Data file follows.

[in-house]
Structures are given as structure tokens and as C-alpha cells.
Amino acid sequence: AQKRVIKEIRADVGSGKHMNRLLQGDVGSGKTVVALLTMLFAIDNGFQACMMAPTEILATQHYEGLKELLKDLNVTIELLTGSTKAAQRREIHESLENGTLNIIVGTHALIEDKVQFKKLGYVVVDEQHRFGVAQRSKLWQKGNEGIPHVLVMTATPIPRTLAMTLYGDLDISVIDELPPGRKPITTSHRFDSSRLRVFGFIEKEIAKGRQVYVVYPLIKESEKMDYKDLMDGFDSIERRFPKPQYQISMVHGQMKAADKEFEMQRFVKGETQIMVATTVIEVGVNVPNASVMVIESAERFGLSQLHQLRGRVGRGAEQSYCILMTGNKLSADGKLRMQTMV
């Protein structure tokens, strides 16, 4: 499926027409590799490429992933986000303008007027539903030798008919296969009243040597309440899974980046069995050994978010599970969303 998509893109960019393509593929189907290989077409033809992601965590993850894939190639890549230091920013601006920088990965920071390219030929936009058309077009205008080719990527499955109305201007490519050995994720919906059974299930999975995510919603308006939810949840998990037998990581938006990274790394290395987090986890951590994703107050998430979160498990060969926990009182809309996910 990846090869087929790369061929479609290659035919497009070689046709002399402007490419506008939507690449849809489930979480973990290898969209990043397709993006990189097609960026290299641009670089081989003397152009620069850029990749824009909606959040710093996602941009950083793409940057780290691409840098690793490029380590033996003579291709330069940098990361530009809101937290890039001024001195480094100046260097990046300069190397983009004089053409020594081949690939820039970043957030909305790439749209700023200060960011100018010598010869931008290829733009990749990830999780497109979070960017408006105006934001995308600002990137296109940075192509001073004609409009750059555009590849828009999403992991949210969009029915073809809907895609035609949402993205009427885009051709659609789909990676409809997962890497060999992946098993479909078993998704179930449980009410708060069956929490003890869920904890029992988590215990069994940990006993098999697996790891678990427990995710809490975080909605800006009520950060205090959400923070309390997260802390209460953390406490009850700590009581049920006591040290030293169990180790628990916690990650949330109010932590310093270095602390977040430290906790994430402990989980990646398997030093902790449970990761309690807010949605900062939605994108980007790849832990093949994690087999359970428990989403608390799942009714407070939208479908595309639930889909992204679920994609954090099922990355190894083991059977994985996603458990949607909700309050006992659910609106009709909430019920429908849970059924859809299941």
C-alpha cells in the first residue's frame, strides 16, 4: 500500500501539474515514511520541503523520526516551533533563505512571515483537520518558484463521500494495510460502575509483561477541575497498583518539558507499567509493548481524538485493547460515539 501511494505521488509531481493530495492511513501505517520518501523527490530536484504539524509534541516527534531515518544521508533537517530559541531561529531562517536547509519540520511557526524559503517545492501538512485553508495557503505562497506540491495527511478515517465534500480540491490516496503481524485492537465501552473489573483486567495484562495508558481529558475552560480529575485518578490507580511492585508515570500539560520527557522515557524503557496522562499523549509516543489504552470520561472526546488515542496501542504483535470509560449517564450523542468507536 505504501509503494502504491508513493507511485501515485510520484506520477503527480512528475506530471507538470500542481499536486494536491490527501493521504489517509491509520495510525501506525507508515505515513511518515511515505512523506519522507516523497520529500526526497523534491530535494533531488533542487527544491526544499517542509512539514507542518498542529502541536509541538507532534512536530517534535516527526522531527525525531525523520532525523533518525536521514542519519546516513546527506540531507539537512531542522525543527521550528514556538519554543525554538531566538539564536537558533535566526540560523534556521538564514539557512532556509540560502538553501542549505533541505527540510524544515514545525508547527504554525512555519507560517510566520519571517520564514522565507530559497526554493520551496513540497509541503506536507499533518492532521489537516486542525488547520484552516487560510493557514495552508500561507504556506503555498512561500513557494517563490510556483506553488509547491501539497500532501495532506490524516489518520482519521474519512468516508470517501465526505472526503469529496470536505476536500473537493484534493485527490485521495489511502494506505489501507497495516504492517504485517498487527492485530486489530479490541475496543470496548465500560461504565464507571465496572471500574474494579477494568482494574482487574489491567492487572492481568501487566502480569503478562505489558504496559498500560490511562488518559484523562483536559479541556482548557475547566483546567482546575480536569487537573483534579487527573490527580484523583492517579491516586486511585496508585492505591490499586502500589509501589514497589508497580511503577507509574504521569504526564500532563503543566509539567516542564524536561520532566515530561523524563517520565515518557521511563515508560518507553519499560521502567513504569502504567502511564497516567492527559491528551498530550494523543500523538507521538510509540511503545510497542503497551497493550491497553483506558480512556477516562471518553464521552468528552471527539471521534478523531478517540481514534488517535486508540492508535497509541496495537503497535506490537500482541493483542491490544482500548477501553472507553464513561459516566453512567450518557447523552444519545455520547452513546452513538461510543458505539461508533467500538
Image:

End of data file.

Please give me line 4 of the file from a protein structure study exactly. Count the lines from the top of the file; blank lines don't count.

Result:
């Protein structure tokens, strides 16, 4: 499926027409590799490429992933986000303008007027539903030798008919296969009243040597309440899974980046069995050994978010599970969303 998509893109960019393509593929189907290989077409033809992601965590993850894939190639890549230091920013601006920088990965920071390219030929936009058309077009205008080719990527499955109305201007490519050995994720919906059974299930999975995510919603308006939810949840998990037998990581938006990274790394290395987090986890951590994703107050998430979160498990060969926990009182809309996910 990846090869087929790369061929479609290659035919497009070689046709002399402007490419506008939507690449849809489930979480973990290898969209990043397709993006990189097609960026290299641009670089081989003397152009620069850029990749824009909606959040710093996602941009950083793409940057780290691409840098690793490029380590033996003579291709330069940098990361530009809101937290890039001024001195480094100046260097990046300069190397983009004089053409020594081949690939820039970043957030909305790439749209700023200060960011100018010598010869931008290829733009990749990830999780497109979070960017408006105006934001995308600002990137296109940075192509001073004609409009750059555009590849828009999403992991949210969009029915073809809907895609035609949402993205009427885009051709659609789909990676409809997962890497060999992946098993479909078993998704179930449980009410708060069956929490003890869920904890029992988590215990069994940990006993098999697996790891678990427990995710809490975080909605800006009520950060205090959400923070309390997260802390209460953390406490009850700590009581049920006591040290030293169990180790628990916690990650949330109010932590310093270095602390977040430290906790994430402990989980990646398997030093902790449970990761309690807010949605900062939605994108980007790849832990093949994690087999359970428990989403608390799942009714407070939208479908595309639930889909992204679920994609954090099922990355190894083991059977994985996603458990949607909700309050006992659910609106009709909430019920429908849970059924859809299941």